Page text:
Mike Cosgrove, Basement Guitar God, and Be Bop Deluxe, Part 1
Chops, desire, love, devotion, aspirations, and ultimately identity… Awkward yet endearing… Slightly embarrassing yet moving… Your kid out on the ball field or performing in a school play… Part 1 of a 2-part joint entry on the Overlooked Gems of My Lifetime hopes to touch on these themes.
We’ll start in 1979, the year some of us began preparing for a transfer from a fantasy life in sports to a fantasy life in rock ‘n roll. My neighborhood friend, personal Babe Ruth League catcher (what a calming influence this guy had on me behind the plate!), and original guitar foil, Mike Appice, introduced me to a neighborhood friend of his, Mike Cosgrove, who’d long been registered in the fantasy rock ‘n roll program, leaving sports behind before it was necessary to wear a cup.
Appice and I were in the intense process of forming our first band with my oldest friend from school, Andy. I’d been bused away from my neighborhood my entire school life, and I’d long been a snobbish outsider on what should have been my own turf. Baseball was my only link to neighborhood kids, and the band would become my only link between a neighborhood friend and school friends. I recruited Appice (whose hormones had also readied him for catching the midnight showing of The Kids Are Alright as often as possible) from the neighborhood to join a band with my school friend. I started teaching him guitar and began inundating him with the punk and new wave records that only I among my middle-class, Philadelphia rowhouse neighborhood of Who’s Next-, Dark Side-, and ZoSo-loving dudes seemed to know about. Appice was a good student, and he quickly surpassed my horrible technical skills, threatening to take over the Mick Jones parts from his subordinate Joe Strummer rhythm role on basement attempts at covering “Clash City Rockers” and “Police and Thieves”. His tastes weren’t as refined as I liked to think mine were, which sometimes led him to gravitate toward attempting to play The Romantics’ “What I Like About You” more than, say, a cool album track from This Year’s Model. For a guy from my neighborhood, though, he was a gem, a rare bundle of energy and good humor.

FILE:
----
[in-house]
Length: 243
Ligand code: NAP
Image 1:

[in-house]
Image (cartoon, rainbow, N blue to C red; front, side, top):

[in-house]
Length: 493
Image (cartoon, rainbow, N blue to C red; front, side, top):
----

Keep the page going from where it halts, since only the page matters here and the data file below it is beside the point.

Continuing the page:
So this guy Cosgrove lived around the corner from Appice. If memory serves, they’d known each other for a while, and the more Appice developed a fondness for actually practicing his guitar chops, the more he started hanging out in Cosgrove’s basement, where Mike Cosgrove, Basement Guitar God, would put on his show.
Cosgrove couldn’t play Appice cool, underground punk records like I could, but he could show Appice licks, honest-to-goodness rock licks, the kind that got played on the radio. His specialty was the bag of licks used by Pete Townshend, and even a budding punk rocker had to respect that. Appice introduced me to Cosgrove, and I’d accompany him on weekly visits to Cosgrove’s basement. Cosgrove had the hard-to-find Who songbook with reproductions of handwritten chord charts, tabs, and notes from Pete himself on the tricks behind his most-stunning riffs! The day we learned Pete’s exact voicings for the intro of “Substitute” is one I’ll never forget.
Cosgrove was one of these tall, thin, slightly nerdy blonde guys, with long bangs and the sort of large, plastic-framed, slightly tinted glasses that today only British politicians wear. He didn’t do a lot of talking, not with his mouth anyway (if you know what I’m saying, Joe Perry fans). I was never much for actually learning how to play guitar, but this insider knowledge was worth sitting through what would follow. Here’s where I’d get a little scared. He’d inevitably close up the Who songbook, strap on his Gibson SG copy, turn on his Univox amp, and switch on his Pioneer stereo system. Then, he remove his well-worn copy of The Who’s Live at Leeds album from its sleeve and gently place the record on his turntable. In our meat-and-potatoes, proto-Classic Rock part of Philadelphia, not only owning Live at Leeds but knowing it inside and out was a tad bit radical. It wasn’t like owning punk rock records, but it was along the lines of owning and actually listening to Ummagumma. Cosgrove not only knew every bit of stage banter between tracks, he could play every stinking lick Townshend played on the album, including whatever noodlings Townshend played during the stage banter bits. It was amazing, and scary. As Appice and I sat at his feet, he’d lay the needle down and begin to play along with Townshend throughout side 1.